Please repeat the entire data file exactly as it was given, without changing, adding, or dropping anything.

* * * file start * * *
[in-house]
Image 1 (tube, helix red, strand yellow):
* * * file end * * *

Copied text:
[in-house]
Image 1 (tube, helix red, strand yellow):